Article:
The foundation’s work has three component parts: support for projects run by communities at grassroots level, citizen, civil society and political decision-maker awareness raising work, and finally advocacy work with the public authorities and in the United Nations. The Foundation has consultative status on the UN Economic and Social Council.
Over the years, the Foundation has participated in many issues including the right to free potable water for all, the fight against racism, support for the Tibetan people and the struggle against apartheid in South Africa. It has also worked for the reconstruction of the educational and social system in Cambodia and on issues surrounding health security in Africa.
The location of the Square Danielle Mitterand is appropriate since it’s just two doors away from N° 22 rue de Bièvre, the private residence of François and Danielle Mitterand from 1972 to 1995.
Although Danielle lived at N° 22 during that time, François commuted between there and rue Jacob in nearby Saint-Germain and the home he shared with his long-time mistress, Anne Pingeot and their daughter, Mazarine.
The Mitterand ménage was undoubtedly complicated but nevertheless seemed to work remarkably well. In 1958 Danielle acquired a long-term lover of her own, a gym teacher who sometimes fetched the morning croissants and then sat down to a friendly breakfast with François.
All this was widely known in Parisian society but a compliant and complacent French press kept it under wraps until the end of Mitterrand’s presidency in 1995.
Both Danielle Mitterand and Anne Pingeot attended Françcois Mitterand’s funeral in 1996.
Danielle Mitterand died in Paris on 22nd November 2011, aged 87.
Sounds in the Square Danielle Mitterand:
The Square Danielle Mitterand is not the most elegant square in Paris but I like it. Sitting at the back of the Square on an August afternoon I was content simply to listen to life passing by in the Square and in rue de Bièvre.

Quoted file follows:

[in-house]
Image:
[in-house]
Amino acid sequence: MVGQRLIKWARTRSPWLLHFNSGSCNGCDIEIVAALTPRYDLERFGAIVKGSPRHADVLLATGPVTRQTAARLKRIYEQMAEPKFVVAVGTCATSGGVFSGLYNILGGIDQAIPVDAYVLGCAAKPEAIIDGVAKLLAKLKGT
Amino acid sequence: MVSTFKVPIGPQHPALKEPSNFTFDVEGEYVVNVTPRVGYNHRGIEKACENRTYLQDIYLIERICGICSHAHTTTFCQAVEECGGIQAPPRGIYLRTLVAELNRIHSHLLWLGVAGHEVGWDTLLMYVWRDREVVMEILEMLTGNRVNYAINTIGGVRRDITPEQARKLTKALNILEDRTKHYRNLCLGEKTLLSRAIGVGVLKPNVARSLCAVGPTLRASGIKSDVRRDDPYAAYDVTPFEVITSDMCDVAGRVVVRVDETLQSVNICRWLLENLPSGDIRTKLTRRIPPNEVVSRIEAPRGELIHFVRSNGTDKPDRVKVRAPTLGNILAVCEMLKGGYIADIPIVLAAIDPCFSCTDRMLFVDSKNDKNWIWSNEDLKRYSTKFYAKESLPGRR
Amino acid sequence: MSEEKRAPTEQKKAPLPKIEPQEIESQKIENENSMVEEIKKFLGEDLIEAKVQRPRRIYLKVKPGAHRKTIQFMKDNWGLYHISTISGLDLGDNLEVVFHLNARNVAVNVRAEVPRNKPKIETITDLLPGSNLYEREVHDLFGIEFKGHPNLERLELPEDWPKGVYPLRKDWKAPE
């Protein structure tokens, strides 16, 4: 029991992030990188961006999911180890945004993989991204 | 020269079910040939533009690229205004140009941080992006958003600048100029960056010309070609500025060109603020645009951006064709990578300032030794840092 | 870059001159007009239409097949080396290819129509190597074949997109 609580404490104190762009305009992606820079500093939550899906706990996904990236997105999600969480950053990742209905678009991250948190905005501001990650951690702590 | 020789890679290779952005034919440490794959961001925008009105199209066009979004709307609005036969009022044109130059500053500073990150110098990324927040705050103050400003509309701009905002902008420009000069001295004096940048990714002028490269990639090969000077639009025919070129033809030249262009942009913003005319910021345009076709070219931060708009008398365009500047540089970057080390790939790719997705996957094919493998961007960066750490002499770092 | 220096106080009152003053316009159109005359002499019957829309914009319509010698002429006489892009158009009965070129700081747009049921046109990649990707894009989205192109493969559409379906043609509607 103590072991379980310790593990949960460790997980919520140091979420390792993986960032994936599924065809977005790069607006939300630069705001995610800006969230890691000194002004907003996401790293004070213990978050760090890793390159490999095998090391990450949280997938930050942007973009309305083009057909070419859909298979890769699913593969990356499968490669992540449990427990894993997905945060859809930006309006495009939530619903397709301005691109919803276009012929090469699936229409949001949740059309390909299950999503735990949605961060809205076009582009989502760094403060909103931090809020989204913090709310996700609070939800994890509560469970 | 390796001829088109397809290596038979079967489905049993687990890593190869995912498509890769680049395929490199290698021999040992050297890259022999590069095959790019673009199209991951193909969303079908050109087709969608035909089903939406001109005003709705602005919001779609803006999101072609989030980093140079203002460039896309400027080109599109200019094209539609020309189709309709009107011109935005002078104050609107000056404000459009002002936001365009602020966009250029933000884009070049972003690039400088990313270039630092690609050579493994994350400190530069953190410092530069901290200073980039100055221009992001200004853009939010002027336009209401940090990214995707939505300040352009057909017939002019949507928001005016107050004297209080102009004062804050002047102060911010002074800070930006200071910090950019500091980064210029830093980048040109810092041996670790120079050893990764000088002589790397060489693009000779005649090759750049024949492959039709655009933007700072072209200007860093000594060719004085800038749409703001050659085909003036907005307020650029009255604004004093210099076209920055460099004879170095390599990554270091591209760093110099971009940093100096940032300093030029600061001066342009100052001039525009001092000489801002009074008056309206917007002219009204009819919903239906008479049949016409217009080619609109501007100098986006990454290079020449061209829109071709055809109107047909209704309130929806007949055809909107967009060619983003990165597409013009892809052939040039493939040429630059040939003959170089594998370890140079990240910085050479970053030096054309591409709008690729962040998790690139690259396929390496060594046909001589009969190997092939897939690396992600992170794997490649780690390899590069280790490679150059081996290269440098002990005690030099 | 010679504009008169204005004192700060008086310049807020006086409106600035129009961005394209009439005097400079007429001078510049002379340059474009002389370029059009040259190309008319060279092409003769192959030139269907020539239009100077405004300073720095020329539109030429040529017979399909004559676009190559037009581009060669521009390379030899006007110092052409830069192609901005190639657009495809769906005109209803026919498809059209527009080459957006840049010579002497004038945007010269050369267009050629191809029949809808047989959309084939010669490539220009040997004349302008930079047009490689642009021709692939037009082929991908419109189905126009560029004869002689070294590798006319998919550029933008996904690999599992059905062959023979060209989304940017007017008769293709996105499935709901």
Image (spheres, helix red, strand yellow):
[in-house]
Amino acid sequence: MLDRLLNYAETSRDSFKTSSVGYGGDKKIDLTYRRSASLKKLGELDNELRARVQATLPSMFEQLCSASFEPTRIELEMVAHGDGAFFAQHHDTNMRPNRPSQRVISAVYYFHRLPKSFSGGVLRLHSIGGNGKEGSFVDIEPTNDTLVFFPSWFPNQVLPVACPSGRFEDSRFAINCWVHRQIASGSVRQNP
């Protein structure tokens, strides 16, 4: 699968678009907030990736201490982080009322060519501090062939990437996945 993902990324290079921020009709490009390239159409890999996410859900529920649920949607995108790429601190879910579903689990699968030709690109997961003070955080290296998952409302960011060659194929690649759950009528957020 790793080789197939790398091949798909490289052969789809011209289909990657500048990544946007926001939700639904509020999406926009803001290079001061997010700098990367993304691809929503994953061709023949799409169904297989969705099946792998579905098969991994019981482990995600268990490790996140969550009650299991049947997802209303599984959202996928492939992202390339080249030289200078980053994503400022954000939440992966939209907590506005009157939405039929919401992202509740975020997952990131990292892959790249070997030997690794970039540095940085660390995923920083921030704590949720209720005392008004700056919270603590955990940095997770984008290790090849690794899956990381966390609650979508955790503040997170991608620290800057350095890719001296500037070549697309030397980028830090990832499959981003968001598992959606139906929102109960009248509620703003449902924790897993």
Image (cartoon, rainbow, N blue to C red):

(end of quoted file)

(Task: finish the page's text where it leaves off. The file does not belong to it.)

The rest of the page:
Rue de Bièvre
I LAST FEATURED rue Dénoyez, the plein air art gallery in the 20th arrondissement, in this blog in November 2014. At that time, under the banner ‘Sauvons la rue Dénoyez’ – Save rue Dénoyez, a petition had been drawn up to challenge a plan by the local authority to demolish part of rue Dénoyez and replace the artists’ workshops and galleries with subsidised housing and a community centre.
‘Sauvons la rue Dénoyez’ – November 2014
The other day, I went back to rue Dénoyez to see what has happened since I was last there.
Rue Dénoyez – July 1016
The development proposal calls for the buildings between N°18 bis and N° 22 bis to be demolished and replaced with 18 subsidised housing units and a crèche as well as the redevelopment of N° 24 and N° 26 rue Dénoyez and N°10 Rue de Belleville into 29 subsidised housing units and a community centre.
Despite the petition opposing the development receiving 10,000 signatures in six months it seems the project is still going ahead.
Although the demolition work was due to have been completed by April this year I found that little seems to have happened so far except that the occupants have left and the buildings stand hauntingly empty.
Undaunted though, I found one street artist still leaving his mark.
A soundwalk in rue Dénoyez:
At the end of my soundwalk I came upon a man who had lived in rue Dénoyez in the early 1970s and he reflected upon life here in those days.
If all goes to plan, work on the new development will be completed in the spring of 2018.
While new social housing is to be welcomed one can’t help feeling that some of the character of this unique street will be lost in the process. As the man who spoke to me said, “il faut que ça change”.
You can see the presentation prepared by the local authority about the new development here.
NAMED AFTER THE French socialist, journalist, songwriter and communard, Place Jean-Baptiste Clément sits atop the Butte de Montmartre between Rue Norvins and Rue Lepic.
To the passing tourists perhaps the most distinguishing feature of Place Jean-Baptiste Clément is an unnamed octagonal structure hidden behind iron railings.
This structure is now home to la Commanderie du Clos Montmartre, an association bringing together wine lovers of Paris, but in the 19th century it was essential to the survival of the inhabitants hereabouts. It is in fact the remains of la fontaine du Château d’eau de Montmartre, the first water tower in Montmartre.